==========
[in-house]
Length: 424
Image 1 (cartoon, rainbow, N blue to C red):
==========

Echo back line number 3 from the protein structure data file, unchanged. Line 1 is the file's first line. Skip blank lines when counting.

Image 1 (cartoon, rainbow, N blue to C red):